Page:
Food plots will not only improve the health of your deer herd, they'll also increase your hunting success in the fall. Once you've chosen a spot, cleared the ground, applied lime and fertilizer and smoothed the seed bed, you're ready to plant.
Choosing what to plant is a crucial part of this process. We've delved into choices for winter and early spring in previous blogs. Now let's look at plants to put in from April through June, depending on your location.
There is no single magic seed for this time. Clovers will still produce some if you get enough moisture. Mixing in chicory will help them stay green and attract deer during drought conditions. Cowpeas and lablab are two other popular summer plantings, offered in excellent mixtures such as the Biologic seed brand, the Whitetail Institute's Power Plant and Vita-Rack Booming Beans.
But to my mind, the top summer deer planting is pure forage soybeans. And I've found one product to be the best: Eagle soybeans, both their Large Lad and Big Fellow varieties.
These beans are grown to provide green leaves for animals to eat, rather than to produce beans for oils, meal and other products. They are designed to stay in the green leaf stage 6-8 weeks longer than regular soybeans, not maturing until later in fall. This way they can provide forage right up until the first heavy frost.
Both of these soybeans grow over 6 feet tall and yield enormous amounts of forage for deer that's high in protein. The leaves can measure up to 8 inches. One study area produced 7 tons of forage per acre with a protein level higher than alfalfa.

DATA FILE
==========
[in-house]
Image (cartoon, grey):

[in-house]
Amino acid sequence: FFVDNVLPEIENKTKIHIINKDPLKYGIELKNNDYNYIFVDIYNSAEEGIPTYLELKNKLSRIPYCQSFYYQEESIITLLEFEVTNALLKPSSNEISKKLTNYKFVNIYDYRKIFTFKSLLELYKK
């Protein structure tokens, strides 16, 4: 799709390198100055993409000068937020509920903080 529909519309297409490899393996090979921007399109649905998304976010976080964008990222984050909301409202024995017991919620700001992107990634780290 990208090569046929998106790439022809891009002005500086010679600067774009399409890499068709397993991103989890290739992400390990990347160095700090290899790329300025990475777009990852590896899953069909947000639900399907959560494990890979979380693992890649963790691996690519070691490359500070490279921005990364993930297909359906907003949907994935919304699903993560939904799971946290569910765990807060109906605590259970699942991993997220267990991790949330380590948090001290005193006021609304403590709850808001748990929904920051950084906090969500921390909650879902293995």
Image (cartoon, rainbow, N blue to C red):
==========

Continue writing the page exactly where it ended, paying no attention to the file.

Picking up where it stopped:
What is particularly appealing about these forage beans is that they come back strongly even after browsing. As deer eat the leaves, new ones emerge to take their place. Another plus for summer: they are drought tolerant.
The two beans were developed by the Doyles, an Arkansas husband and wife team who both have doctoral degrees in the study of soybeans.
Because these soybeans grow so thick and tall, deer actually bed in the beans as well as eat the leaves. You're not only providing food for the animals, but cover as well.
Another nice thing about Eagle soybeans is that they are tolerant to Roundup so you can spray them for weeds periodically. Large Lad has been chosen as the official soybean of the Mississippi Fisheries and Wildlife Department.
This is the perfect time to put in either of these bean varieties or one of the bean mixtures sold by other companies. They will produce edible forage for deer within a few weeks. Plant them in late April or early May in the south, in late May or early June in the north. They will remain available, growing thicker all the time, until heavy frosts come.
The plants must be inoculated, and a fertilizer such as 0-40-70 is recommended. Spray weeds with glyphosate (Roundup) before they reach 4 inches and as needed throughout the growing season.
Plant 50 pounds per acre in rows or 75 pounds if broadcasting, at a depth of 3/4-1 inch. You might have trouble with deer eating the crop before it grows big enough to withstand the grazing pressure, since whitetails relish these beans. The plants need to get a few feet tall to thrive, or alternately you need a very large area planted.
To prevent early crop damage, Brad Doyle recommends protecting them for 4-8 weeks. You can either do this with high fences, electric fences or by using a deer repellent system such as Plotsaver, from Messina Wildlife.
This latter setup uses a thick fiber ribbon set up temporarily around the plot and sprayed with repellent that's included in the kit. When the beans are tall enough, simply take the ribbon down and save for re-use next year.